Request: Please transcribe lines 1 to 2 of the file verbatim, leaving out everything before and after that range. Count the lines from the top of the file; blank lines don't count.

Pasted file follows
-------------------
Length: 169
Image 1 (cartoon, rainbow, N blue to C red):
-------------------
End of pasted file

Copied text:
Length: 169
Image 1 (cartoon, rainbow, N blue to C red):